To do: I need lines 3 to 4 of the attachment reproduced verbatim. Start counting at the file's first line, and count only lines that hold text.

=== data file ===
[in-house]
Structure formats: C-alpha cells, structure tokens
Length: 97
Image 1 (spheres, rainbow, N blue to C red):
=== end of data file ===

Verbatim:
Length: 97
Image 1 (spheres, rainbow, N blue to C red):